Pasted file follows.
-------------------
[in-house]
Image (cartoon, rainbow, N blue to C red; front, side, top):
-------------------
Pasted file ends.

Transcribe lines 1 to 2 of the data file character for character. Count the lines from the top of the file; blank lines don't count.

[in-house]
Image (cartoon, rainbow, N blue to C red; front, side, top):